With all that on my mind, I talked to Braaten. If your kid seems stuck in perpetual ennui — or is suffering from big emotions due to being tired, busy, or overloaded — please read this book, out next month. Here’s an excerpt from our interview.

A friend and I were just saying that, when we were in middle school, it was a foregone conclusion that it wasn’t going to be fun. We do not remember anyone worrying that a teacher wasn’t exciting or catering to our social-emotional needs. With my son, I feel like: Everything has to be fun, and he needs to be energized, motivated, and happy. What do you make of that?

I think you’re exactly right. This is practically a topic of another book because it’s so true. It spills over into the work world, too. … There is this idea out there that life is supposed to be fun. But living and work is hard most of the time. I think in prior generations, we just knew that school was going to be hard. In between, you’ll find areas of pleasure. But now, it’s sort of the opposite.

I write a lot about kids who are over-scheduled and pushed: Do they really need to be more motivated? Maybe there’s a different definition.

This question made me realize that we’ve completely confounded motivation and busy-ness, and they’re two separate things. Motivated people are often busy. But that busy-ness does not make someone more motivated. In fact, it’s the opposite. Motivation is really about why we’re doing something. We’re motivated because we want to do something, get better at something, learn something, get paid for something.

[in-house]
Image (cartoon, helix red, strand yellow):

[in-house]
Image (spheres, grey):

In the past few decades, we’ve thought that keeping our kids busier is going to make them motivated. They have nothing really to do with each other. If you put a lot of stuff in their calendar, it may actually serve for them to be less motivated.

How did we get here?

Other people have written great books about the college process. We’ve all sort of bought into this idea that in order to get into a good college, you have to be good at all of these things. And then that starts earlier and earlier. Parents feel this pressure that everybody’s got to be successful. … We have this desire to make our kids something that they’re not supposed to be, which is mini-adults.